This is dementia. It's not just a memory problem.
What you read in this blog is purely my own personal experience in dealing with Lewy Body Dementia every day.

This is not meant to offer any medical or legal advise.
I have no professional training in care giving or experiences in formal writing.
I'm just a woman that loves her husband deeply and wants to provide him with the best quality of life he can and chooses to have.
My prayer though this is "Lord, What am I learning from this; how can I use it help someone else and to glorify You?"
If just one person finds comfort in this public blog. I will feel like it was a success.

Tuesday, December 6, 2011

Moving Day

I don't know how or why it happened but Lewy's lid boiled over splattering everywhere and leaving me an emotional mess.
I did something I didn't think I would. I moved out of our bedroom.

I moved for a couple 3 or 4 reasons.

In Hubby's reality he does not remember me as the woman he married.
He has knowledge that we are married because everyone says we are but he doesn't remember the event or the feelings that he had toward me at the time.
Hubby doesn't want to acknowledge he has problems.
Heck, if you ask him he will tell you he has none and some days, he can sound so logical and do something he hasn't been able to in a long time, even I wonder if he is better.
But reality is, he is not and it only takes a short visit with him to realize he has problems.

I awarded myself a much needed respite about a month ago.
I spent the time with me regrouping and that regrouping came in handy right out of the gate when I picked Hubby up from the V.A. facility.
Hubby, on the other hand, didn't get the time away from Lewy.
No matter where he goes or what he does, Lewy is a clinging shadow for Hubby.

Since Hubby has been home he appeared calmer, or maybe I was the calmer one.
Either way there was calm, but was it the calm before the storm?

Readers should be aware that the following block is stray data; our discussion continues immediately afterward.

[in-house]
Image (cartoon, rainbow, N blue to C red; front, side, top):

Hubby feels isolated and has nobody to talk to or visit with besides me.
Until yesterday, our aide, thanks to the slow moving process of the V.A., had not been reinstated . This was week 3. So Hubby hasn't even had a chance to visit or complain to her.

One morning I woke with a minor headache, you know, the kind that doesn't require meds and at some point will go away completely. It was at this point during the course of our regular routine of accusatory and hurtful remarks from Hubby that my reaction took a dark turn and my mouth ran away with itself.
I won't go into the details and I have beat myself up over it plenty. I couldn't find a stopping point, only a reprieve when Hubby would choose sleep.

Did I shake it off? Did I tell myself, It's not Hubby, It's the disease? Did I walk away and regroup?
No I didn't.
I allowed myself to wallow in the hurt and frustration.
Poor, poor me, what a terrible strain on me, woe is me.
If he would just be more cooperative things would be fine.
I allowed myself to become a victim.
This went on for a few days.
Finally I told Hubby that since he didn't want to be with me and was trying to find a way to leave me I decided I was moving out of our bedroom, and I did.

Oldest daughter came by for a visit.

Side note: Our children are very supportive of us. They understand as much as they can about Lewy. They  love us both and want the best for us both. They let either of us talk if we need to and offer words of comfort, truth, hugs and prayers as necessary.

I was whining to telling Oldest Daughter about my hurt feelings and how abused and taken advantage I was feeling. I said I was moving out of the bedroom.